The design of the data centre is a continually evolving process as the project timelines are restricted due to cost of capital and rapid deployment required, there is no time for costly reworking and adjustments of the services so it is critical to ensure everything is designed correctly and built right first time. Continual 3D Scanning and BIM integration throughout the data centre project's life cycle can be effectively used to identify deviations from the original design intent early in the construction process. These systems are also extremely useful in brownfields projects where existing buildings are converted into data centres.

ITWeb: Who would generally be a part of a data centre design team, and why? What role do they each play?

Bartels: A large data centre project will have a similar professional structure as any other commercial building, although the team is typically selected based on their knowledge and experience in designing and constructing data centres. The design team usually consists of: data centre consultant or specialist; architect; quantity surveyor; structural engineer; electrical engineer; mechanical engineer and the fire engineer although other specialist consultants may be required, depending on the size and location of the facility.

ITWeb: What are the pros and cons of these tools when designing a modern data centre?

Bartels: The pros would be: the design is more comprehensive and almost all problem areas are identified by the design team before they get to site; at completion, the client has all of the information available, not only as-built drawings but also detailed specifications of all the facility support equipment installed; time spent on site (3D data capture) is significantly less and more accurate than traditional methods; assurance that any and all relevant data from site has been captured, which in turn reduces costly changes if problems are identified too late; ability to capture and represent the data centre at varying phases throughout construction in an innovative, efficient and cost-effective way to demonstrate progress and ensure timelines are met.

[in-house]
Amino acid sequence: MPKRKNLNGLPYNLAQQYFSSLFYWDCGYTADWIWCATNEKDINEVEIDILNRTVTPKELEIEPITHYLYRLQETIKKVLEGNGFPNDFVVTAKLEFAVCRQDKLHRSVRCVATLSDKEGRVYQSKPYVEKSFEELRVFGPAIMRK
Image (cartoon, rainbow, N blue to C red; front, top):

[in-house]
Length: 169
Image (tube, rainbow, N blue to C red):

The cons would be: the local construction industry still relies on the more traditional construction methods and processes and long turnaround times to identify and correct issues of design. The use of digital technology in the real estate industry is very low; professional teams make use of specialist design and drawing packages but the main contractors, and in particular the small sub-contractors use and relay of 2D drawings, they rarely have the skills to use the 3D design drawings that the professional team uses to design the facility.

ITWeb: Why are such services generally under-utilised?

Bartels: BIM and 3D terrestrial laser scanning services are generally under-utilised in Africa, and mainstream applications of the technology locally are still in their infancy. Most design teams will make use of 3D design packages like REVIT, but the full implementation of BIM is very slow. However, in progressive markets like Europe these are becoming the default standard and there are drives to make the use of BIM compulsory.

ITWeb: What are CAD design packages such as REVIT and Autocad and how are they used in the design of a modern data centre?

Bartels: REVIT and Autocad are CAD (computer aided design) packages developed by Autodesk. They are building information modelling software for architects, engineers, designers and contractors that allow users to draw and design a building and structure and its components in 3D, annotate the model with 2D drafting elements and issue them to the construction team to build from.